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Managing Group 9 resistance with pre-seed add-ins in your cereals

Read Time: 10 minutes

By Simon North February 22, 2018

The time to act is now


Whether you have observed it on your farm or not, we are seeing an increase in herbicide resistance across the globe and in Canada. What I see as most concerning is the increasing resistance to Group 9 chemistry, more commonly known as glyphosate products. But there are practices we can incorporate that can prevent resistance.

Glyphosate resistance is happening for the following reasons:

  • Limited or lack of crop rotation
  • Reduced or zero tillage operations
  • Continued use of glyphosate alone
  • Multiple applications in same season
  • Reduced rates of glyphosate

Glyphosate has been has been a great tool in crop production since 1976, and we need to preserve its effectiveness. Today in Canada there are more than 78 million acres treated with 14-plus brands of glyphosate. Thankfully, a cereal crop is a great crop in your rotation to  manage your group 9 herbicide resistance whereas in other crops the options are very limited.

How to preserve its effectiveness? Explore the use of tank mix partners from different herbicide groups when applying pre-seed in cereal crops. 

Benefits of a pre-seed burn-off

  • Reduces weed competition at an early stage when the crop is most vulnerable to weed competition.
  • Provides more options to control hard-to-kill weeds, such as perennials.
  • Can potentially reduce more costly in-crop herbicides.
  • Avoids the panic around getting in-crop spraying done if weather conditions prevent application.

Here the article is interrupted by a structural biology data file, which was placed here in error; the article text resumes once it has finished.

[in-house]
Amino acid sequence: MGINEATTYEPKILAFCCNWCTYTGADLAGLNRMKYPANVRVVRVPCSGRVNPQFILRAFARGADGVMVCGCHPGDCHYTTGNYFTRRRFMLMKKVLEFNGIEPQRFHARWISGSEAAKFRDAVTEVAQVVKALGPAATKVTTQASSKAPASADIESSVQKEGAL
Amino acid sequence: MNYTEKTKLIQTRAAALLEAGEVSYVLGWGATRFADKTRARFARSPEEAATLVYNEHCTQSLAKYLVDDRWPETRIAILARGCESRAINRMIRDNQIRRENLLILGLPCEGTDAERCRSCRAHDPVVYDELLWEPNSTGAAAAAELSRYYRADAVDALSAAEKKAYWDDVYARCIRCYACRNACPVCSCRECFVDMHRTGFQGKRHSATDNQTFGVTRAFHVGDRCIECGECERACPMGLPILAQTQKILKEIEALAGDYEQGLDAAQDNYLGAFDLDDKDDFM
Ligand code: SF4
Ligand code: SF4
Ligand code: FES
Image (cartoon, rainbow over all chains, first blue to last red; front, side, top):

Benefits of a pre-seed add-in

  • Resistance management, particularly against Group 9-resistant kochia.
  • Improved efficacy of hard-to-control weeds such as wild buckwheat, cleavers and narrow-leaved hawksbeard.
  • Residual activity. Some products have up to 30 days’ activity that glyphosate does not. Glyphosate alone would not control a number of spring annuals that germinate later.
  • Control of glyphosate-tolerant volunteer canola cannot be achieved by glyphosate alone.

Glyphosate selection pressure is greatest at low in-crop rates for many of the main weed species, so full rate of pre-seed glyphosate with an add-in is much more effective.


There are so many options now that can be mixed with any glyphosate to help with spring weed control. These now include:

  • PrePass™ Flex – Group 2
  • Express® Pro and Express® SG – Group 2
  • Paradigm™ – Group 2 and 4
  • Blackhawk® – Group 4 and 14
  • Goldwing® – Group 4 and 14

I recommend products that target specific problem weeds. For example, if volunteer canola is expected to be a problem, I would recommend going with PrePass Flex. If chickweed or dandelions are an issue, use a product such as Paradigm, which is now registered for pre-seed use as well as in-crop. The products from NuFarm, such as Blackhawk and Goldwing are great options to switch groups if you’re having problems with Group 2 broadleaved weed resistance.

To learn more about resistance management visit Bayer’s website or 


Always read and follow herbicide label directions. PrePass™ Flex and Paradigm™ are trademarks of Production Agriscience Canada Company, Dow AgroSciences and Pioneer affiliated companies or their respective owners. Express® Pro and Express® SG  are registered trademarks of FMC of Canada. Blackhawk®, Goldwing® and Fierce® are registered trademarks of Nufarm Ltd.

Simon North

Simon North

This British ex-pat specializes in Canadian in-crop chemistry, herbicides and canola production. Simon joined Cargill in 2014 after managing a large corporate farm in Saskatchewan. Prior to that, he worked for B.C.’s Minister of Agriculture.

“Canola needs the most attention; there is always something to do with it,” says Simon. “It’s the most expensive to grow, but we can also get the most output from it.”

Simon has been following canola breeding and innovation for many years. He first fell in love with agriculture when working on a farm in the U.K. following high school. There, and while completing his Bachelor of Science in Agriculture degree at Harper Adams University near Birmingham, he learned about oilseed rape production.

“It’s interesting to see how it’s evolved and what’s in the pipeline.“